On both Twitter and Facebook, users of sites like Valor are alerted to potentially dangerous situations through the use of the acronym SDR (Situación de Riesgo), or “risk situation,” in a neighborhood, highway or street. Though it is impossible to tell how many people have avoided death or injury because of the alerts, a typical post on Facebook will garner multiple comments and “likes.”
“There are several people who have said they turned away just one block from a gunfight because they read an alert,” the Valor administrator said. “Cars have been found by stolen-car alerts, people have known what happened with their lost loved ones.”
Valor’s network of eyes and ears recorded the tossing of the black plastic bags containing two bodies the night of May 18, and several users noted seeing state license plates on the car leaving the scene.
“A criminal group threw two black plastic bags with two people dismembered on the sidewalk of what was formerly the Plaza 20-30… by the street Diaz Miron… leaving behind an assertion (the people) had been killed by rats,” said a Valor Facebook posting left May 19th.
“If that’s what I saw (as well) I thought it was a dead dog,” one user responded.
That same weekend nearly a dozen cartel-linked crimes were recorded on Facebook and Twitter in just Tampico, the fifth largest city in Tamaulipas. The reports included the murders of local shop owners, the sound of grenades and the ubiquitous sightings of armed gang members roaming the streets.
None of these events were reported in the local newspaper, El Sol de Tampico.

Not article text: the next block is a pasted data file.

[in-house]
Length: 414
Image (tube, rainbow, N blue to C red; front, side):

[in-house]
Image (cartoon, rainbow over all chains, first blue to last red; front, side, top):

In Mexico, which has more registered Twitter users than the U.S., social networking sites have also been key in providing information about the country’s 25,000 missing people. Many of the missing in Tampico are assumed murdered, kidnapped for ransom or abducted for failing to pay bribes to the cartels. The day after the bodies were discovered in the bag by the river, on May 19, word also got out that the owner of a local eatery called Big Quesadilla and two of his female employees had been gunned down.
“This week I received a citizen report saying (three people) were executed in one of their restaurants,” the Valor administrator tells Vocativ. “They got a bullet in their heads. The owner and two ladies that worked there. I know they were targeted–it was a wave of extortion that targets small and micro businesses in any kind of economic sector: beauty saloons, bars, stores, food production,” the administrator explains.
Valor isn’t alone in the social media war against organized crime and corruption in Mexico. A mobile app called Retio uses Google Maps to allow citizens to report shootings, murders and assaults, as well as traffic issues, across Mexico.
Citizen-driven blogs have also stepped in to provide information on cartel happenings. Perhaps the most infamous is Blog del Narco. Run by anonymous authors, the site accepts posts from citizens, police and even cartel members. The ad-driven blog frequently features grisly photos of massacres and murders, also obtained from citizen journalists or even the narcos themselves.
After two years of anonymity, the female administrator of the site and her male partner this week revealed they were forced to flee Mexico for safety.